The County and The GoDown are no doubt on the same page in their common desire to see Nairobi flourish. And a city can flourish in many ways. For The GoDown the recognition and leveraging of culture as a vector for sustainable urban development is one of the ways that Nairobi City County may begin to flourish again. Over the years The GoDown has addressed itself to the questions of creative economy, cultural infrastructure, urban identities and cultures and people-centred approaches to urban design. In the process, it has gathered tremendous insight and experience in these areas. It is such invaluable wealth of knowledge that the GoDown would bring into a partnership with the County.

The Primary Stakeholder Group of HerCity#HerStreets analysing Dunga Rd, Nairobi. The initiative aims to improve the streets around the upcoming New GoDown Complex

The GoDown has leveraged culture towards better city futures for Nairobi in the following ways: firstly, through strategic community mobilization which includes co-creating frameworks, convening resident and interest group meetings, and social media activations; secondly, through people-centred approaches to assessing and ideating on local area and city plans; and thirdly, by not remaining peripheral to implementation, but rather identifying (digital) tools and methods that are appropriate for action. In short, The GoDown is willing to partner with the County, believing it can provide valuable input in the development of innovative and participatory approaches, especially in matters of cultural infrastructure, county cultural laws and policies and the revitalization of the county’s economy through the creative economy.

This partnership will be based on a broadened understanding of value as held in more than just money. Local government can emulate best practice elsewhere and offer endorsements, champion initiatives, even give waivers and grants against expected revenues or social cohesion impacts from a project. New York City, a major tourist draw has, for instance, a relationship with 34 of its key nonprofit cultural institutions – museums, arts centres, botanical gardens, etc – that have made it a ‘world -class cultural hub’. New York City subsidizes these cultural revenue-generators by supporting their utility and maintenance costs from the city’s own budgets. Nairobi City County may likewise view financial subsidies, concessions, and waivers it may be required to bring to a partnership more strategically, as an investment for long-term impactful dividends.

The GoDown is optimistic about the Nairobi City County’s move toward intentional partnerships and collaborations. It could be instrumental in bringing us all closer to achieving the goal of sustainable urban development and, indeed, to making Nairobi work.

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Urban October: Embedding Culture into Sustainable Urban Development 

October is the month dedicated by UN-Habitat to centering and amplifying the challenges and opportunities created by the fast rate of change in our cities and towns. Dubbed Urban October, everyone interested in sustainable urbanization is encouraged to participate. This year’s themes centered on inclusivity: ‘Mind the Gap’ and ‘Act Local, Go Global’.  

The GoDown was present and active in this year’s Urban October celebrations. As an emerging anchor institution in Nairobi City County, the GoDown is passionate about the place of culture in sustainable urban development. These activities highlighted the value of culture in Nairobi’s urban fabric from different perspectives.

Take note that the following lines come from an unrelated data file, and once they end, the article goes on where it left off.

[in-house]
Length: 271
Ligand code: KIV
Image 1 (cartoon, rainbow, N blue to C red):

Here’s a roundup of our contribution to Urban October. 

KUAT’s Landscape Architecture class—Social, Cultural and Psychological Factors in Design

Jomo Kenyatta University Architecture students viewing the model of the new GoDown

The GoDown was invited by Brenda Kamande, a lecturer at JKUAT’s Landscape Architecture Department where the GoDown Transformation Project was presented as a case study on sustainable urban practice. The aim was to create a link between academia and sustainable practice through an exhibition, panel discussion and workshop. The GoDown Transformation Project’s partners were also present to discuss their roles. Students were engaged and asked critical questions on wood and its value chain in East Africa, gender and inclusivity, client management and government policies.   

Studio Open Day at The GoDown 

Evans Yegon, a visual artist based at the GoDown, interacting with guests during the Open Studio Day

The GoDown hosted a Studio Open Day, inviting the public to its new location in Kilimani. This was a great opportunity for people to visit the GoDown’s temporary home while interacting with resident and guest visual artists. Residents and arts enthusiasts made the event a success. There were plenty of activities for all ages, including a painting booth for children to explore their creative expression. The showcase of the GoDown Transformation Project including the HerCity#HerStreet Initiative provided an opportunity for the public to interact with the design of the new GoDown. 

Placemaking Week 

Every year during the last week of October, a community of Kenyan urban enthusiasts come together to carry out different activities around Nairobi city with the aim of demonstrating the value of designing public spaces to strengthen the connections between people and these places. This year’s theme was ‘Nairobi Streets of the Future’. The GoDown, as a member of the Nairobi Placemaking Network, engaged and participated in several activities:  

  • Hosted an Urban Dialogue that discussed ‘Working Together to Achieve Successful Co-implementation of Urban Initiatives Between Stakeholders and Nairobi County’. The panelists included Patrick Njoroge of Akiba Mashinani Trust and Dr. Kefa Omanga, Director of Donor Coordination and Stakeholder Engagement at the Nairobi City County Government.